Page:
The reason we have chosen this show as the first modern day text as a theatre company is because it has such vibrant characters, which are full of soul yet lacking purpose.  Throughout the script of ‘Ruby Moon’ the eight characters are presented to the audience using only two actors, portrayed through the use of voice, movement and props.  This play tests the actors performing in it because the characters vary widely.  From an old religious spinster to a slightly neurotic clown, the actors have to understand each character they are producing.  The characters are the heart and soul of this play.  That’s what makes ‘Ruby Moon’ so special.

The show begins with Ray and Sylvie, a couple frozen in time, surrounded by random bits and pieces of household objects, suspended on nooses. As the journey progresses we realise that each noose contains a clue to the nature of the characters they belong …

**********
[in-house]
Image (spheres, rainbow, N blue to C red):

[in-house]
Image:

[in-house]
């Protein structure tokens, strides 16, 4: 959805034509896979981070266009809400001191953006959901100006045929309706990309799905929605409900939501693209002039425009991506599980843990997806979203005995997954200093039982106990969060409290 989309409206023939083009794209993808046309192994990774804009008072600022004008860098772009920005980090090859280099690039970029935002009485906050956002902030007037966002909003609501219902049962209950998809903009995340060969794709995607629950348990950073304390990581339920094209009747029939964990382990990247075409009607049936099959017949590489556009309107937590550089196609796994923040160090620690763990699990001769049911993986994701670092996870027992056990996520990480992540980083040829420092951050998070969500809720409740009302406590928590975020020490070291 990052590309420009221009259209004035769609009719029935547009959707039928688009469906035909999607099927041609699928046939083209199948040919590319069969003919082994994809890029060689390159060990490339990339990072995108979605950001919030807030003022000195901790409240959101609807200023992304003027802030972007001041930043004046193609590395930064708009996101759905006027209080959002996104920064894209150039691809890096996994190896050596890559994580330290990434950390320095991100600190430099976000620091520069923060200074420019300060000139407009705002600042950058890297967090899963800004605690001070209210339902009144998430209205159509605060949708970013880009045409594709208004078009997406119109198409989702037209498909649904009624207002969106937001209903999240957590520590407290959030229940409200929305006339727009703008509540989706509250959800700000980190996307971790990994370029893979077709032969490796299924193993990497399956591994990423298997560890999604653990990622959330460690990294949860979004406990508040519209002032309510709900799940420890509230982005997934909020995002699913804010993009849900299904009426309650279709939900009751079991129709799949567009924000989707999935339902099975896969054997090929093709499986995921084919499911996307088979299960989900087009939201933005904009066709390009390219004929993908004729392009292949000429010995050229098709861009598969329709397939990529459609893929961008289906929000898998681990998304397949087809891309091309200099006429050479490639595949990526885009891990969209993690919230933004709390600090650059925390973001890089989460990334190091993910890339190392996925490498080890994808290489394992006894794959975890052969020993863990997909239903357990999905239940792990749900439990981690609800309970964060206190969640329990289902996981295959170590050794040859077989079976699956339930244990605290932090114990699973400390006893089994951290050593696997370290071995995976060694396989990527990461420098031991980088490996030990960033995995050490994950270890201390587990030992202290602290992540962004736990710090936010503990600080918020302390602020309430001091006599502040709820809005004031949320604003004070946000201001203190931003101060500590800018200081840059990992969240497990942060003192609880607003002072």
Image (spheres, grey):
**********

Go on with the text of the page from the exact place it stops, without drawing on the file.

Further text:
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The Revellers offer a selection of different theatrical experiences for public and private audiences. Besides our regular theatre productions (open to the public) we also offer a range of unique booking opportunities.

In 2013, School incursions will begin. These productions have been especially created to link with specific educational outcomes vital to the Curriculum. We also offer a range of post and pre-performance workshops linking important social skills, with drama based activities facilitated by qualified teachers and the actors themselves.

The Revellers are also available for festival appearances, private bookings and a range of other events. The Revellers we have performed at the Armadale Evolution Youth Festival (2012-13) Murdoch Open Day (2012-13) Little Hands Week [Children’s Week event] (2013) and All the World’s a Stage [Senior’s Week event] (2013). These are wonderful events that provided a platform from contemporary plays, self-devised pieces or snippets of Shakespearean-based street performances.

For your future bookings, or tickets to our next show, please contact…